Brain herniation : Overview, Causes, & Risk Factors

Alternate Names : Herniation syndrome, Transtentorial herniation, Uncal herniation, Subfalcine herniation, Tonsillar herniation, Herniation – brain

Definition

A brain herniation is when brain tissue, cerebrospinal fluid, and blood vessels are moved or pressed away from their usual position in the head.

Overview, Causes, & Risk Factors

A brain herniation occurs when something inside the skull produces pressure that moves brain tissues. This is most often the result of brain swelling from a head injury.

Brain herniations are the most common side effect of tumors in the brain, including:

  • Metastatic brain tumor
  • Primary brain tumor

A brain herniation can also be caused by:

  • Abscess
  • Hemorrhage
  • Hydrocephalus
  • Strokes that cause brain swelling

A brain herniation can occur:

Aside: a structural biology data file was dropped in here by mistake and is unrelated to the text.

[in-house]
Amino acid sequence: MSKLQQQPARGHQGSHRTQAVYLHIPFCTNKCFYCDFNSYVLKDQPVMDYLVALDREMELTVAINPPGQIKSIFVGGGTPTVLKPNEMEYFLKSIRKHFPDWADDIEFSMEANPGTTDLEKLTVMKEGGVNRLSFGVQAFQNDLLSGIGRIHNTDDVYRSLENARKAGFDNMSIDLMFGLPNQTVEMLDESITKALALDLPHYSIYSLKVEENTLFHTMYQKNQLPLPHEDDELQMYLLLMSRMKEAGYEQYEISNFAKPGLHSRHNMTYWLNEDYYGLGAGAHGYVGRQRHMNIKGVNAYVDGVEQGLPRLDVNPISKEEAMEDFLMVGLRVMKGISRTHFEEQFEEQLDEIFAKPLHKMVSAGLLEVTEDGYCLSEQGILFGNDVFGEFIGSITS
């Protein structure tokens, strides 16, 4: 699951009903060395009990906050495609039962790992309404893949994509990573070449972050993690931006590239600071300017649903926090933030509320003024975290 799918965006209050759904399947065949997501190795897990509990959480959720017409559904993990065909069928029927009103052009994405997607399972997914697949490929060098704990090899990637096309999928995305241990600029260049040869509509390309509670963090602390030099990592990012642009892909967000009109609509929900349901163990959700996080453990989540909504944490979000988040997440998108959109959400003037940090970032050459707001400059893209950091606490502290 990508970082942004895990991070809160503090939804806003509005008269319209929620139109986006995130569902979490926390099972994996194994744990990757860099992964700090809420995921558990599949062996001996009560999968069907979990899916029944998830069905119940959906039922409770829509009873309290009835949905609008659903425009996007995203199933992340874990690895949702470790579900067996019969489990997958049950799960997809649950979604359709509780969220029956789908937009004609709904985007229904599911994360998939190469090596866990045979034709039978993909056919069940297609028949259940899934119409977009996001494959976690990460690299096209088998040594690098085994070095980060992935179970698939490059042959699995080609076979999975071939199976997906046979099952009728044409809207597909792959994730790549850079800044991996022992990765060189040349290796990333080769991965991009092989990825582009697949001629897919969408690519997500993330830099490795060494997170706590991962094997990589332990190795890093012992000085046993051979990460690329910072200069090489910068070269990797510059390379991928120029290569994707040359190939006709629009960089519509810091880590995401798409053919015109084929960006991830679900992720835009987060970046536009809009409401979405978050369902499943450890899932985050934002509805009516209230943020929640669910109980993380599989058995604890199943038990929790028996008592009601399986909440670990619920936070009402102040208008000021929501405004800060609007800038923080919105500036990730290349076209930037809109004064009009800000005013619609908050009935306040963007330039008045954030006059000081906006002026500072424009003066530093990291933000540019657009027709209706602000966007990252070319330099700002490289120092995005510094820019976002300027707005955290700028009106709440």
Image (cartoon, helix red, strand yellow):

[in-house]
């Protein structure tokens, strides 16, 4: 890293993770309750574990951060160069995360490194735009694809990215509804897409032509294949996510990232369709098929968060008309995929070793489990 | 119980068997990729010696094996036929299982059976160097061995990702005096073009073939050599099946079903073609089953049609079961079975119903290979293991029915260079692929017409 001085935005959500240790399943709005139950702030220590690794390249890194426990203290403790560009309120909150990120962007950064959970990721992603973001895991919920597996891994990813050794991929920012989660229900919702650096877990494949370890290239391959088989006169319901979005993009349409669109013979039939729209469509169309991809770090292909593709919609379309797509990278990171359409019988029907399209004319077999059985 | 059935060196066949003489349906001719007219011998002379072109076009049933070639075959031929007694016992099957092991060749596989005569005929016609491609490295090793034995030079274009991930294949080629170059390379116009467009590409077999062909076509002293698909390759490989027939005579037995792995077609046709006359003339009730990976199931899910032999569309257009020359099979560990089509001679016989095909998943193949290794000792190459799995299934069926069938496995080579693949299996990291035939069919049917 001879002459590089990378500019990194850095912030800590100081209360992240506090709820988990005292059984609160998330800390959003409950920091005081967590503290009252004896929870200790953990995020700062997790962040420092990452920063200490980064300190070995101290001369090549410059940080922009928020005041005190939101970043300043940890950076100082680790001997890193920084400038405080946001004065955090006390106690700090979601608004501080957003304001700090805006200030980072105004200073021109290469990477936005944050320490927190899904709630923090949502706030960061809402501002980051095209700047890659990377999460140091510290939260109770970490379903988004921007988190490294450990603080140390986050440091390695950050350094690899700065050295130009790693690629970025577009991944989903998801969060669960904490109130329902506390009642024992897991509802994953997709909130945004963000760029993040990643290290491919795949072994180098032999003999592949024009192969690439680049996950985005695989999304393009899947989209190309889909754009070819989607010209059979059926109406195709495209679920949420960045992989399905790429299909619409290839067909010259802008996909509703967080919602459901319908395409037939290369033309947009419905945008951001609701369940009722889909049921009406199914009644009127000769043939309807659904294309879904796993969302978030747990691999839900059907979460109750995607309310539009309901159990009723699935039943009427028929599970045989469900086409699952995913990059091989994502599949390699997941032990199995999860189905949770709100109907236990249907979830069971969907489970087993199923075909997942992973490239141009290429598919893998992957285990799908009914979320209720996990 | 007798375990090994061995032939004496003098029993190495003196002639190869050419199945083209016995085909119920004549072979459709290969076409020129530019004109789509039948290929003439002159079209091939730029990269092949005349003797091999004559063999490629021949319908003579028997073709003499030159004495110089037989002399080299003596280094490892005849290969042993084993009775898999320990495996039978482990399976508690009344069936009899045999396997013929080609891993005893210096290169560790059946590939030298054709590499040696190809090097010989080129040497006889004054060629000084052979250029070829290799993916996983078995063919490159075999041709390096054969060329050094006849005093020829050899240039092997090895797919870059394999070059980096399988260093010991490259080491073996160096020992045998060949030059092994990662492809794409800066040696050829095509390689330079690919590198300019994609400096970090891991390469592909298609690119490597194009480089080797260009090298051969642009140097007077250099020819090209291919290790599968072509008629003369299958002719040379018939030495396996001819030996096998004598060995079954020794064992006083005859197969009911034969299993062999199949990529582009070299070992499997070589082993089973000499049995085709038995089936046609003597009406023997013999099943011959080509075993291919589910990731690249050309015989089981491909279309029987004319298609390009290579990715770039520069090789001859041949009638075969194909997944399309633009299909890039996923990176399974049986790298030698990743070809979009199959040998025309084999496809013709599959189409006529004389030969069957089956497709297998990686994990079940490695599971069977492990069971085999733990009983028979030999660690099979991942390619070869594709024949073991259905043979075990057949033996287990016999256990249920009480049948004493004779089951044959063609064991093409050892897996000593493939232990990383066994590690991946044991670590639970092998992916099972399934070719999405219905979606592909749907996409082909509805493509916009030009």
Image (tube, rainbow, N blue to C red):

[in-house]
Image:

• Between areas inside the skull, such as those separated by a rigid membrane called the “tentorium”
  • Through a natural opening at the base of the skull called the foramen magnum
  • Through openings created during brain surgery

Pictures & Images

Brain

The major areas of the brain have one or more specific functions.

Brain hernia

Brain hernia

Brain hernia is a condition in which a portion of the brain is displaced because of increased pressure inside the skull. Increase in pressure results in progressive damage to brain tissue that may include life-threatening damage to the brainstem.


Review Date : 9/22/2008
Reviewed By : Daniel B. Hoch, PhD, MD, Assistant Professor of Neurology, Harvard Medical School, Department of Neurology, Massachusetts General Hospital. Also reviewed by David Zieve, MD, MHA, Medical Director, A.D.A.M., Inc.

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